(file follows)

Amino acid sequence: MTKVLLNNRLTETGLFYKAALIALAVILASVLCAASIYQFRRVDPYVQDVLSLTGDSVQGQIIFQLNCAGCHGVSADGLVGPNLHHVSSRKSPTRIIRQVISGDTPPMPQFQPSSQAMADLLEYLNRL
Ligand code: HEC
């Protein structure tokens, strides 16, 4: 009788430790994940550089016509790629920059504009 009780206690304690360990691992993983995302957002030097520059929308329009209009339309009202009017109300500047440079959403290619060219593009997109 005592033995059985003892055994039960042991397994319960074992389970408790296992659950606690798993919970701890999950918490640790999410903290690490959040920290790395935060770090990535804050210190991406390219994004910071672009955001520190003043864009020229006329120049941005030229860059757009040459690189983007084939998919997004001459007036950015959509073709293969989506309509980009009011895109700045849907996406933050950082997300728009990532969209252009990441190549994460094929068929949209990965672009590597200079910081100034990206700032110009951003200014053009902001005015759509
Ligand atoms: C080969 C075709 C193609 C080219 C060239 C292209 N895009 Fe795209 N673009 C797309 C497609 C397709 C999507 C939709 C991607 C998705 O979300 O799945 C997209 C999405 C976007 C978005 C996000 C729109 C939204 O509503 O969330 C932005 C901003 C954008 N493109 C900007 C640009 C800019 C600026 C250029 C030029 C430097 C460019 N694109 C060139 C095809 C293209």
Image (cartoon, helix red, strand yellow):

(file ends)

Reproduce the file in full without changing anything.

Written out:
Amino acid sequence: MTKVLLNNRLTETGLFYKAALIALAVILASVLCAASIYQFRRVDPYVQDVLSLTGDSVQGQIIFQLNCAGCHGVSADGLVGPNLHHVSSRKSPTRIIRQVISGDTPPMPQFQPSSQAMADLLEYLNRL
Ligand code: HEC
């Protein structure tokens, strides 16, 4: 009788430790994940550089016509790629920059504009 009780206690304690360990691992993983995302957002030097520059929308329009209009339309009202009017109300500047440079959403290619060219593009997109 005592033995059985003892055994039960042991397994319960074992389970408790296992659950606690798993919970701890999950918490640790999410903290690490959040920290790395935060770090990535804050210190991406390219994004910071672009955001520190003043864009020229006329120049941005030229860059757009040459690189983007084939998919997004001459007036950015959509073709293969989506309509980009009011895109700045849907996406933050950082997300728009990532969209252009990441190549994460094929068929949209990965672009590597200079910081100034990206700032110009951003200014053009902001005015759509
Ligand atoms: C080969 C075709 C193609 C080219 C060239 C292209 N895009 Fe795209 N673009 C797309 C497609 C397709 C999507 C939709 C991607 C998705 O979300 O799945 C997209 C999405 C976007 C978005 C996000 C729109 C939204 O509503 O969330 C932005 C901003 C954008 N493109 C900007 C640009 C800019 C600026 C250029 C030029 C430097 C460019 N694109 C060139 C095809 C293209």
Image (cartoon, helix red, strand yellow):